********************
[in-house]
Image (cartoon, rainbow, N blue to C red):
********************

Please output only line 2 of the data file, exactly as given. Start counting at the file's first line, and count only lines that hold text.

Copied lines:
Image (cartoon, rainbow, N blue to C red):